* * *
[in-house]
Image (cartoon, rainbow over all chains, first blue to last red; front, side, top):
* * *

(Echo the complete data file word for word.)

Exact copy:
[in-house]
Image (cartoon, rainbow over all chains, first blue to last red; front, side, top):